While you may feel that other people are the catalyst for you feeling a certain way,  you are the guardian of your emotions. Other people’s behaviour may be making you feel drained, or as if they’re stepping all over you, but you are responsible for how you reactYou need to set healthy boundaries for yourself where you feel safe. If you are consistently feeling a certain way after interactions with a particular person(s), you may want to talk to them about your relationship or choose to spend less time with them. Be open to examining your own part in the relationship, rather than assuming that the other person is entirely to blame. Therapy will aid you in this.

Many times we feel that our emotions may be irrational or a sign of weakness. In truth, they allow us to express ourselves and communicate with those around us what we are experiencing. Your emotions are clues which indicate what you need to do next. So, in your case, when you are around certain people and you feel your energy depleting, a sinking feeling, or that someone is walking all over you, it is a signal. Pause and assess.  You are suffering from low self-esteem, but this is something that slowly and steadily can be rebuilt via therapy, medication, mindfulness, and the will to be better from achieving a higher sense of self-awareness. 

For you, your goal is to be able to have a healthy, full range of emotions without allowing our emotions to function as the sole barometer of what is true, or to lead you into destructive behaviour. 

You are entitled to how you feel and nobody can take that away from you. 

When experiencing painful, unexpected, or intense emotions, accept that you feel a certain way instead of beating yourself up, and recognize that you have the ability to choose how to respond to that feeling,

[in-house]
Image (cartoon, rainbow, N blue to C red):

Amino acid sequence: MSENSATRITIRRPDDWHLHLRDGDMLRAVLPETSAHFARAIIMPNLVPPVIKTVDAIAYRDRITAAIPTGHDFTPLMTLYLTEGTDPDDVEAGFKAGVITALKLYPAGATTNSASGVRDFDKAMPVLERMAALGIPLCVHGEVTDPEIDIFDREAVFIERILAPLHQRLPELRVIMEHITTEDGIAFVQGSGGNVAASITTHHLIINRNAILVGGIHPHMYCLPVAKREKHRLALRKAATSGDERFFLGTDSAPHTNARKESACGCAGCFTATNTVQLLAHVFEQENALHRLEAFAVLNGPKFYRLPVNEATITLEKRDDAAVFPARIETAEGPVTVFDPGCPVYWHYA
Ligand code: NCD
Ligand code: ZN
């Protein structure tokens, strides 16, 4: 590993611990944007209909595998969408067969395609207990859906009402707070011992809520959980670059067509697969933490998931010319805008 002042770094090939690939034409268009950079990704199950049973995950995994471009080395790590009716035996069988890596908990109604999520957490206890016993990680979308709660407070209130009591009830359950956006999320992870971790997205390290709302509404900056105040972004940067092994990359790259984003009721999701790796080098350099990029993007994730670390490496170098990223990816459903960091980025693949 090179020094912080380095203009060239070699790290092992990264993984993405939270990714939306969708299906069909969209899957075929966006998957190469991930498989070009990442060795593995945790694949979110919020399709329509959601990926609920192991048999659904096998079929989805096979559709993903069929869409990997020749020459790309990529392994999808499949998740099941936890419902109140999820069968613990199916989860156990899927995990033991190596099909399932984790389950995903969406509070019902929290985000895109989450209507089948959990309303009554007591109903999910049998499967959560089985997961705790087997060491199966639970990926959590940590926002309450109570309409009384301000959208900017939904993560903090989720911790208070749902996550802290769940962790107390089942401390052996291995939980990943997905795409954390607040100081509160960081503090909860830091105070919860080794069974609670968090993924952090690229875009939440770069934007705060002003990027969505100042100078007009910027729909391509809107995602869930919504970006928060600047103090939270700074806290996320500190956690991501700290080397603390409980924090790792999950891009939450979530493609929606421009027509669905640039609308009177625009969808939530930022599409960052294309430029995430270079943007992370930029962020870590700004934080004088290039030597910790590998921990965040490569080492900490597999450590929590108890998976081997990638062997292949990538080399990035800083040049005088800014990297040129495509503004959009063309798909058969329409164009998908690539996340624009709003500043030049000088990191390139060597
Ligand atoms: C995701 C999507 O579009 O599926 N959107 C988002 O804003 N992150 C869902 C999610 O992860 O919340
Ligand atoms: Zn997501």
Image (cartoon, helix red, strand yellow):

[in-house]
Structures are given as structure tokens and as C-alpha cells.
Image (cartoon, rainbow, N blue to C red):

Depression symptoms can vary from mild to severe and can include:

  • Feeling sad or having a depressed mood
  • Loss of interest or pleasure in activities once enjoyed
  • Changes in appetite — weight loss or gain unrelated to dieting
  • Trouble sleeping or sleeping too much
  • Loss of energy or increased fatigue
  • Increase in purposeless physical activity (e.g., hand-wringing or pacing) or slowed movements and speech (actions observable by others)
  • Feeling worthless or guilty
  • Difficulty thinking, concentrating or making decisions
  • Thoughts of death or suicide

Symptoms must last at least two weeks for a diagnosis of depression.

We at Mashion realize the sensitivity and widespread nature of issues like this and have a committed interest in bringing more awareness and exposure to topics and stories like these. Haya Malik is a certified Humanistic Integrative Counsellor and psychotherapist. She will be answering mental health questions weekly on Mashion, to send in your questions, email All questions will remain anonymous.